My grandma would have been 88 on St. Patrick’s Day. She passed the summer before last, just before I moved to Portland. I’d said goodbye to her while she was still in the hospital, waiting to go home where my mom and hospice nurses her would tend to her for her final month. The last time I saw her, she asked about my spring wedding the month before, told me she wished she could have been there. “I know,” I said. “I wish you could have, too.”
I was her namesake, my Grandma Patricia. She loved to remind me of it. “Pa-trish-e-ah,” she’d spell out, making it sound exotic and important. She went by Pat to those who knew her, and I prefer to be called Trish, but our shared first name is, by definition, “noble.” I don’t know how well I live up to the meaning, but my grandmother surely did.
A former beauty queen and beautician of Hegewisch, Illinois, she was a mother of four, a woman whose love of her life died before I was born, and she never considered trying to replace him. I used to think she’d find someone else. She was statuesque and lovely by anyone’s standards, elegant and well-dressed, the opposite of what you’re likely to conjure as the image of a grandma. Grandma Pat took pride in how she looked, but not out of vanity. She enjoyed beautiful things. Even when she was bed-ridden with internal pain, she shopped QVC and had a closet full of blouses, a vanity topped with broches and other gems of jewelry she’d only wear when she left the house for a doctors appointment, of which there were many.
When my mother and sister or I went shopping, she’d hear us come through the door and sit at the dining room table and wait for us to present her with our purchases. She admired our tastes, asking “How much did you pay for that? You’re kidding! Do they have it in other colors? Let me try that one on.” She never said she disliked something, and often my mom would go back to the store we’d just returned from and buy my grandma a duplicate item.
Grandma thought my mom was the most gorgeous and talented daughter, and that my sister and I were the most gorgeous and talented granddaughters that ever lived. She insisted on hanging an 8 x 10 Glamour shot of me in the hallway of our home, praising my fifth grade chipmunk cheeks bruised by blush and my neck and head framed by a red sequin cap and matching jacket. “It’s terrible,” I said. “Please take it down!” I knew I was wasting my breath. “You look like a star,” she’d say. In our youth, my sister and I were compared to Shirley Temple. When I was older, Grandma told me I could be a model for QVC. “They hire bigger girls,” she said, straight-faced and well-intended.
Once during a garage sale, Grandma played a tape of my mom singing Patsy Cline’s “Crazy” on a loop and told every one who stopped in, “That’s my daughter.” She beamed from her spot in a lawn chair by the jambox. My mom sang it at her funeral, the line “Crazy for thinking that my love could hold you” taking on a new meaning as it rang in our ears.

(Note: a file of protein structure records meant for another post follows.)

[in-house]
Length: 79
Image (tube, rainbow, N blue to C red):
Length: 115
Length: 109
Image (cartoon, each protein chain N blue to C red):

My grandma died after years of internal pain. She’d been to doctors and clinics and specialists and through shifting diagnoses and treatments that could never cure her. Most family members would say it was because of what she held inside; the guilt of having a mentally challenged son in the 1950s and not being able to care for him how she thought she should; for marrying a man whose mental toughness would sometimes turn physical on her other children; for his leaving her too early to have to work through it all alone; and for being noble and graceful in a world that didn’t always lend itself so well to those attributes.
My mom is still having a hard time going through Grandma’s things. The jewelry and clothes and robes she wrapped around her as she glided around the house, helping to clean the kitchen when she was still able to move without falling or becoming to weak to stand – it’s all still in my parents house, taking up space my grandma should be utilizing because she is still there. She lived with her three other children and their families after my grandpa died, never living alone nor without one of us there to take in her unwavering love.
My grandma was born on St. Patrick’s Day, three days before the Spring equinox. We used to say St. Patrick’s Day was our day, that it was for the Patricias. There actually was a St. Patricia, and according to Catholic legend, she was “was of a noble and perhaps royal family in Constantinople who fled to Italy to escape marriage and became a virgin consecrated to God in Rome. She returned to Constantinople, distributed her wealth to the poor, and then went back to Italy;, where she died soon after, at Naples. She is a patron of Naples, and like St. Januarius there, a vial believed to be filled with her blood reportedly liquefies thirteen hundred years after her death.”
We’re not Catholic, but if I were to truly believe in saints, then I’d say my grandma was one. I don’t think of her and how she died in early in August, but how she was born in the very humble and noble beginnings of spring time.